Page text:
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If someone stops your boat as being suspect under the influence of alcohol, then you may face few tests. You will go through the “Afloat Battery of Field Sobriety Tests”.  Actually police take these tests prior to arresting a citizen for “boating while intoxicated.” If you are facing these tests, then call a BWI attorney right now.
This unusual six part battery of maneuvers, known to police as “the Afloat Battery of Field Sobriety Tests”. Below are the tests that police take prior to arresting a citizen for “boating while intoxicated.”
  • The alphabet test.
  • The “25 to 1 Count”.
  • The “Finger Count”.
  • The “Palm Pat”.
  • The “Finger to Nose”.
  • The Horizontal Gaze Nystagmus Test.
It is important to note that most of these subjective exercises are not recorded. Therefore the ability of a boater to challenge his actual performance on these exercises is limited. Police don’t always stop your boat due to suspicion of criminal activity or waterway violations. Generally, the stops are for “routine” or “random” safety checks. In addition it includes light violations, or causing a wake in a no-wake zone.
State and federal law enforcement officials can consider you as a suspect of BWI. They can arrest you if they have probable cause to do so. It is just like when you drive a car on road. They may also set up BUI checkpoints on the water, just like roadside DUI checkpoints. Basically, it is for questioning and to check boat operators for Boating Under the Influence.

It may be possible they don’t charge you with violating federal laws prohibiting BWI. However, federal authorities like the U.S. Coast Guard can also hold and transfer you to state authorities for additional prosecution. DWI and BUI are very similar in New Jersey. If convicted, then you may lose your privileges to operate a boat or motor vehicle in New Jersey. Call one of our Ocean County BWI attorneys today for a free consultation.
In New Jersey you cannot operate a vessel while under the influence of liquor, or blood alcohol concentration of 0.08% or more. Further, if you are the owner of a vessel, then you cannot allow someone who has a BAC of 0.08% or more, to operate the vessel.

Penalties in BWI Cases

In BWI case, If your BAC is 0.08% or higher but less than 0.10%, you will face a fine of not less than $250 not more than $400. You will also lose the privilege to operate a vessel on the waters of New Jersey for a period of 12 months. In addition it includes forfeiture of your driver’s license. The official will forward your license to the Director of the Motor Vehicle Commission for 3 months suspension.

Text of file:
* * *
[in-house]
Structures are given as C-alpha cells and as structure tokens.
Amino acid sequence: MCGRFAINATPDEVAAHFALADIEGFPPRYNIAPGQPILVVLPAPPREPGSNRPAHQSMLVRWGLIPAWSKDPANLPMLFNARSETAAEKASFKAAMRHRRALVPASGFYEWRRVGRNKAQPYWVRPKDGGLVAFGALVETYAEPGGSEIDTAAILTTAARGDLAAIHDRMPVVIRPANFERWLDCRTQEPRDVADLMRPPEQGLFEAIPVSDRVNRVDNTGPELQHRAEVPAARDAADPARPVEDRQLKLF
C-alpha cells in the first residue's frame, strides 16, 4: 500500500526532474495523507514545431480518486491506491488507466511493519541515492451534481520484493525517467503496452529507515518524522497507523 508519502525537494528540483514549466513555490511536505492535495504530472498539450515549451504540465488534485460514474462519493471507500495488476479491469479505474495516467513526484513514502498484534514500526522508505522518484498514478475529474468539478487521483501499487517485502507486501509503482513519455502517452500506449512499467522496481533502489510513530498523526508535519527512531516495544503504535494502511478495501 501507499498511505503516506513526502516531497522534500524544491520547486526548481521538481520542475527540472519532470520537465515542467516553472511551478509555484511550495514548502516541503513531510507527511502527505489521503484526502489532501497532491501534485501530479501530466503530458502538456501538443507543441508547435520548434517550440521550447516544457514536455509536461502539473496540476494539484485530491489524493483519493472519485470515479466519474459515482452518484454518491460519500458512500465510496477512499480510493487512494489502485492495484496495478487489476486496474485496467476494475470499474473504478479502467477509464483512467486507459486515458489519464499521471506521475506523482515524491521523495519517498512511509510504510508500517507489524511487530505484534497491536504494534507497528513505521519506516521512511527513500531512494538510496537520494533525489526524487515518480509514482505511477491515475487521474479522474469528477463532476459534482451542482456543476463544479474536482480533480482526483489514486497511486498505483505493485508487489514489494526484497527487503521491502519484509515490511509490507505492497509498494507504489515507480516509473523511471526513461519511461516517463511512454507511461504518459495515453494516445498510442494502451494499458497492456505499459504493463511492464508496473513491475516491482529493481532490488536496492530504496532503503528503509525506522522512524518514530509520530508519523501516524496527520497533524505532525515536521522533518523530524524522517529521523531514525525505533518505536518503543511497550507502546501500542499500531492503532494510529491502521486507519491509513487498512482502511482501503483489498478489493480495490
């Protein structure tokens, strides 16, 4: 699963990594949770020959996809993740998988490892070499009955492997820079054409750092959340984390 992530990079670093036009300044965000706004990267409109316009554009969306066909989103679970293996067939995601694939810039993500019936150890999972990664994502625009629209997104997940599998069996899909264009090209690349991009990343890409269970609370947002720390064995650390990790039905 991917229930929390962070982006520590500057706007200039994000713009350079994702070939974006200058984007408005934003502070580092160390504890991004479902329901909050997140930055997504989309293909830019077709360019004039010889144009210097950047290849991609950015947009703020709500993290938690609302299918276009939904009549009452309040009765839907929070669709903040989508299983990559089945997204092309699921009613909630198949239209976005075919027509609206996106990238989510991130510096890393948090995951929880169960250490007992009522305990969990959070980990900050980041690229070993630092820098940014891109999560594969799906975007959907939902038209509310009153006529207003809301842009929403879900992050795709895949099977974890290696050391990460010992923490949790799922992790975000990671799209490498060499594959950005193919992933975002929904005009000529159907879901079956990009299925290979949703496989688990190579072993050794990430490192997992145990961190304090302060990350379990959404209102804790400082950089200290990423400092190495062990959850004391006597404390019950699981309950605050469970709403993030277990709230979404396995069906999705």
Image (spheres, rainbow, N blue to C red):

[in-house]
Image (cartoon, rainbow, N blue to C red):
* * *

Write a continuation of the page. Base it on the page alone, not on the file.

BWI

If your BAC is 0.10% or higher at the time of operating a vessel, you will face fine of not less than $300 not more than $500. You will also lose the privilege to operate a vessel on the waters of New Jersey for a period of 1 year. Further it leads to forfeiture of your driver’s license and forward it to the Director of the Motor Vehicle Commission, for a suspension of seven to twelve months.

Second Offense

If you are found guilty of a second offense, you will face a fine of not less than $500 nor more than $1,000. In addition, it includes performance of community service for 30 days and imprisonment for not less than 48 hours nor more than 90 days. You will also lose the privilege to operate a vessel in New Jersey for a period of 2 years. It will cause forfeiture of your driver’s license and carries with it a suspension of your driver’s license by the Director of the Motor Vehicle Commission, for a period of 2 years.

Third Offense

If you are found guilty of a third offense, you will face a fine of $1,000 as well as imprisonment for a term of not less than 180 days. You will also lose the privilege to operate a vessel in New Jersey for a period of 10 years. It will result in a suspension/forfeiture of your driver’s license for a period of 10 years.
After conviction, a person must also complete a boating safety course. The Superintendent of State Police approve this course.

Penalties of BWI for operating Power Vessels

A person who operates a vessel which is 12 feet or greater in length need to give samples of their breath. It is for the purpose of making chemical tests to determine the content of alcohol in their blood. The officers take samples as per provisions of the supplementary act. You must submit to a breathalyzer at the request of the New Jersey State Police or law enforcement officer.

Sometimes a person refuses to submit samples for the chemical test as per section 7 of this amendatory and supplementary act. If you refuse a Judge must revoke the right of a person to operate a vessel of 12 feet or greater in length. The revocation to operate a vessel shall be for one year and a motor vehicle for seven to twelve months. This penalty is for first offense. For subsequent offenses, the penalties are different.

A BWI attorney can help you deal with a case of boating while intoxicated. Contact us today or visit our office. Call us for immediate help.